What is Product-Led Growth? How to Build a Software Company in the End User Era

June 14, 2021

How did your company adopt Slack?

I don’t know your company’s story, but I’m guessing this is how it happened: Jane heard about Slack from a friend, so she signed up and started using it with her team. Pretty soon the whole company was on Slack, and no one can remember life before it.

Definition of product led growth

Most software companies dream of seeing people adopt their product like this. But they don’t know how to get there. From the outside, it looks like magic.

It used to be hard for a company to adopt new software. Long sales processes, complex implementation, formal training and certification—the list goes on.

All this took a lot of time—months, quarters, sometimes even years.

But today, software just shows up in the workplace unannounced. End users are finding products on their own and telling their bosses which ones to buy. And it’s all happening at lightning speed.

What is product led growth?

This dynamic is new, but it’s not magic. The best software companies have recognized this market shift and have put end users at the core of their business.

In its S-1 filing, Slack stated, “Many organizations adopt Slack initially as part of our self-service go-to-market approach. Organic growth is generated as users realize the benefits of Slack.”

And it’s not just Slack. Atlassian’s S-1 says, “We recognize that users drive the adoption and proliferation of our products.” And you’ll find similar quotes in the S-1s of Zoom, Shopify, Twilio, Dropbox and other recent IPOs.

What about your company? Is your product being “magically” adopted by new customers? Do you describe your business with the same end-user language that Slack and Atlassian use in their S-1s?

Or is this idea still a total head-scratcher to you?

We are at an inflection point. The software market is continually evolving, and we’re witnessing the rise of the end user. Here’s the harsh truth: software companies must adapt and embrace the end user if they want to remain relevant.

Product led growth: How did we get here?

When I first observed this trend, my goal was to get down to first principles. I wanted to see if this thing was real and if it deserved further attention.

After some digging, I uncovered four foundational elements that drive evolution in the software market:

☁️ Infrastructure: Where does software live?
💰 Cost: How much does it cost to build and buy software?
👩‍💻 Buyer: Who evaluates and selects software products?
🛒 Distribution: How do software products get in front of the buyer?

These interconnected factors all feed off of each other. As infrastructure evolves, software becomes cheaper to build and easier to buy. These cost savings are passed on to the customer and the purchase price falls. More affordable software that’s easier to buy drives decentralization in purchasing power and the buyer persona moves down the org chart. As you might expect, distribution continually adapts to fit the evolving market landscape.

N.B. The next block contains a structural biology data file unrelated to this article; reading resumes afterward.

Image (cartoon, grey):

A history of software in three eras

When you examine the history of the software industry with these drivers in mind, things quickly snap into three primary eras: the CIO Era, the Exec Era, and the End User Era.

Product led growth

1. The CIO Era

The CIO Era dates back to the 80s and 90s when the software industry really got going. Back then, software lived in a physical box installed on a physical rack inside of a physical data center. This monolithic on-prem software was expensive to build and expensive to buy—think 6- to 7-figure CAPEX purchases.

The CIO was the buyer and her key decision-making criteria was IT compatibility—will this product work in my environment?

During this period, software distribution was defined as “sales-led growth” with blazer-clad field sales reps taking CIOs out to fancy steak dinners in hopes of winning the RFP.

Yeah… the CIO Era was the stone ages.

2. The Exec Era

The Exec Era began in the 2000s, and you know the story. Virtualization eventually drove software out of the data center and into the cloud. On-prem became on-demand, and SaaS companies made sure to specify that their software was proudly “single-instance, multi-tenant.”

Development costs fell as it became possible to build, maintain and continuously improve a single codebase for all customers. This drove a huge economic shift for customers: you don’t buy the expensive software anymore; you rent it for a fraction of the cost.

The CIO went the way of the data center and we saw the rise of the non-technical executive as the new buyer.

The decision-making criteria was now all about the ROI and the KPIs—will this product help our team achieve its goals?

These huge paradigm shifts brought us “marketing-led growth” as a distribution model, and we all started using fun terms like MQL and SDR for the first time. Inbound marketing fueled high-velocity inside sales, and we jumped on the treadmill of chasing demo after demo, gong after gong.

The Exec Era should feel familiar. This is what the VCs and SaaS talking heads are still droning on about online, on stage, and in the boardroom—even though it’s rapidly declining in relevance as software evolution continues at a breakneck pace.

3. The End User Era

And so we come to the present day and the End User Era. While the shift in focus to the end user feels like a hard pivot, it’s just the next logical step in the market’s evolution. Infrastructure has become an elastic utility that scales as needed, and developers have gained further superpowers from APIs and other modular tools and services.

Developers increasingly compose software by stitching together building blocks with new logic, rather than hand-coding everything from scratch. The efficiency gains passed along to customers mean that it’s cheaper than ever (usually free) to try out a new product. Thousands of shiny new products are just a few clicks or taps away. The affordability and accessibility of software has fully democratized purchasing down to the end user.